Believe it not, scientific research confirms video games are good for you. In fact, several studies (which we'll get to in a second) support the findings.
I know, it’s hard to wrap your head around such a fact after years of listening to “don’t sit too close to the TV, you’ll ruin your eyes,” or “stop wasting your time playing video games—go outside!”
But yes, real research from credible sources has shown that playing video games actually does have health benefits—both for the brain and the body.
Exercising Your Brain With Video Games
To start, recent studies completed by several noted research and scientific organizations have proven that playing video games could help improve the quality of life for the disabled and mentally ill.
The main study, conducted at the Max Planck Institute for Human Development and Charité University Medicine St. Hedwig-Krankenhaus in Berlin, Germany, found that playing video increases grey matter (basically, the size of your brain) and helps refine learned and hardwired skills.
In layman’s terms, playing video games directly affects and impacts regions of the brain responsible for memory, spatial orientation, information organizations, and fine motor skills.
The study also reinforces the claim that, like exercise, playing games for as little as 30 minutes a day, can improve your life.
Video Game Brain Study Specifics
To determine how video games affect the brain, scientists selected two groups of adults. The first group would play Super Mario 64 for 30 minutes a day, for two months. The second group did not play any video games at all. Scientists used magnetic resonance imaging (MRI) to measure the size of the brain of the groups before the start of the study, then again after the two-month period.
The results confirmed previous findings—that there were differences in the brain structure of video gamers, and that by playing video games, there was a “direct link between video gaming and a volumetric brain increase.”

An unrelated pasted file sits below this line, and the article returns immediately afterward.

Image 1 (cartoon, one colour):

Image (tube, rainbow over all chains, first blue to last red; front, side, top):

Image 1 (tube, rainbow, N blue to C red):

Simone Kühn, the senior scientist at the Center for Lifespan Psychology at the Max Planck Institute for Human Development, led the study. She claims, “While previous studies have shown differences in brain structure of video gamers, the present study proves that specific brain regions can be trained by means of video games.”
By the same token, scientists believe those with mental disabilities (or whose brains had been reduced in size by an accident or medical condition) or others affected by brain disease like Alzheimer’s, could benefit from playing video games as well.
With their subjects, scientists saw increases in three major areas of the brain: the prefrontal cortex, the right hippocampus, and the cerebellum.
How Different Parts of the Brain Are Impacted by Video Games
The prefrontal cortex is the part of the brain responsible for decision making, social behavior, personality, and cognitive planning. It makes sense, then, that this area of the brain is affected by playing Super Mario 64, a game which requires gamers to plan ahead and contemplate how to use and interact with objects in a virtual world.
The right hippocampus plays an important role in how we process and consolidate information, including short-term and long-term memory. Scientists saw growth here too, caused by players using this part of the brain to navigate Mario’s world.
Finally, the cerebellum was also affected—it’s the part of the brain that controls fine motor skills or muscular activity. Again, no surprise that it grew as well, since this part of the brain helps you quickly assess and respond to things happening around you—in this case, using a gamepad to move Mario at a moment’s notice, or to press the “jump” button at just the right time.
As you might imagine, the results were more pronounced in those gamers who truly invested themselves in the gaming, and had a strong desire to beat the game or figure out the difficulties of a certain level.
And, it’s not just Super Mario 64—Scientists suggest fast-paced action games and simulations (like sports games and first-person shooters) help improve hand-eye coordination, and could also be used to help disabled patients as a type of digital therapy. (Read more for a list of video game genres.)
How About Brain Games?
So if an action game like Super Mario 64 signals positive benefits for players, games built specifically to train, test, and challenge the brain must be beneficial too, right?
Well, since their introduction in the early 2000’s, logic games or brain games have had a love/hate relationship with the scientific community, mainly because of the claims video game publishers have made about these titles.